Mine’s a Double

Having been silent for the best part of the week, I thought you might be interested in these supposedly genuine extracts from letters to various local councils:

1. I want some repairs done to my cooker as it has backfired and burnt my knob off.

2. I wish to complain that my father hurt his ankle very badly when he put his foot in the hole in his back passage.

3. ….and their 18-year-old son is continually banging his balls against my fence.

4. I wish to report that tiles are missing from the outside toilet roof. I think it was bad wind the other night that blew them off.

5. My lavatory seat is cracked. Where do I stand?

You can read more here if you scroll down a bit. Fine examples of the British love of double (or single) entendre, something I meant to write about after watching the programme about Donald McGill, that great exponent of the saucy seaside postcard.

I think I meant to compare censorship then and now. Then it was about sexual morality, but as was pointed out at the time, the humour couldn’t ‘corrupt’ someone who didn’t get the joke and those that did must, by definition, be already ‘corrupted.’

Today, sexual morality (if those are the right words) has gone by the board, but censorship exists in what we think and the views people express that may ‘offend’ someone else. As in the 1950s, those affected by extreme opinions probably already hold them.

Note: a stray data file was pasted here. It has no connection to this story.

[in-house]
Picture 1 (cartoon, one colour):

Both are insidious.

I leave you though with everyone’s favourite: A woman goes into a bar and orders a double entendre. So the barman gave her one. Ouch!

Nobody’s prefect. If you find any spelling mistakes or other errors in this post, please let me know by highlighting the text and pressing Ctrl+Enter.

2 comments… Add yours
  • Laura 31st January 2006

    *chuckling* Those are good.

  • Blognor Regis 2nd February 2006

    I wonder how many are accidental rather deployed with a knowing wink?

    Are extreme opinions an affectation?

    Incidently, I highly recommend that you BitTorrent the 1969 Carry On Christmas special. Not only does it have the wonderful old Thames TV logo at the beginning but it also features the great Francis Howerd who is supposed to be playing a part but basically comes on and does his act while Hattie Jacques tries to suppress her laughter and press on.


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